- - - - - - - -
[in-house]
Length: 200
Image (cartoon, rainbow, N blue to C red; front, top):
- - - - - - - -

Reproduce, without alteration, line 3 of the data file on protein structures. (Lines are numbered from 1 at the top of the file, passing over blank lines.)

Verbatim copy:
Image (cartoon, rainbow, N blue to C red; front, top):